© Christof Rieken © Peter Himsel

Dear readers,

Whether it be in the form of robotic assistants, new ways of producing energy or breakthroughs in biotechnology, technological innovations can significantly improve a society’s productivity and living standards. But technology is not neutral – the way it is used must be shaped by policy. Technology can only help a country to modernise and remain competitive if the opportunities and challenges associated with innovative developments are subject to public debate and negotiation.

This was a running theme in the speeches and many of the discussions at the acatech Annual Meeting in autumn 2016. In a powerful address, Federal President and acatech patron Joachim Gauck stressed that it is particularly important to promote receptiveness to new technologies in Germany because of the nation’s “deep-rooted tendency to lose confidence at the first sign of any risk”.

He praised acatech’s efforts to foster dialogue between academia, industry and government as an important contribution to the much-needed development of a better understanding of technology. Going forward, the Federal President encouraged the Academy to keep building bridges with the public and engaging in discussions to identify scientifically sound visions of how Germany can get fit for the future.

acatech continued to develop its dialogue with the public in 2016. On the first Tuesday of every month, we now invite interested parties to the acatech Forum in Munich to discuss topical technology themes with the experts. Advisory groups of actors from civil society form an integral part of our projects. Through its partnership with the recently established Science Media Center, acatech assists journalists with their research by providing them with science-based expertise. This year, we are also expanding our dialogue with the public through joint initiatives with the churches in Germany and adult education centres (Volkshochschulen) in Bavaria.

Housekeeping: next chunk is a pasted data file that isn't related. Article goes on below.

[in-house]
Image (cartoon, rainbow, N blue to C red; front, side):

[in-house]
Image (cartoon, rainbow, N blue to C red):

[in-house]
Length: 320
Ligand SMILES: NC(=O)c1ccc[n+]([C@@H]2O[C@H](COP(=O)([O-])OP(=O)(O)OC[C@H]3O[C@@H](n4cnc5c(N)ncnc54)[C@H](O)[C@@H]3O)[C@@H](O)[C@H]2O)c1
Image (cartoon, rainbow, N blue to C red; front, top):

acatech’s events and publications in 2016 also provided an important stimulus to the public policy debate on new technologies. How and to what extent do we wish to use learning machines in the future? Which skills will the workforce need in an increasingly digitalised workplace? How will automation change the road traffic? And do we need to place greater emphasis on joint transport and energy planning? Our focus was on these and other themes where policy decisions will need to be taken sooner rather than later. The digital transformation of our economy and society is happening faster and more radically than many people think.

The new year also brought in change at acatech. After two terms of office, Reinhard F. Hüttl’s time as President came to an end in February 2017. We are deeply indebted to him for everything he did to develop the content of the Academy’s work and strengthen the international dimension of our organisation. We are delighted that he will continue to represent acatech on the global stage. The results of a status analysis carried out at the acatech Office in Munich in June 2016 provided a ringing endorsement of our work, which received an overall rating of “excellent” from a team of independent experts. The experts’ praise and recommendations are spurring us on in our efforts to continue developing the Academy.

Munich and Berlin, May 2017

© European Union, 2010

Prof. Dr.-Ing. Dieter Spath
acatech Präsident

© European Union, 2010

Prof. Dr. Henning Kagermann
acatech Präsident

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Thematic Fields 2016

Work and results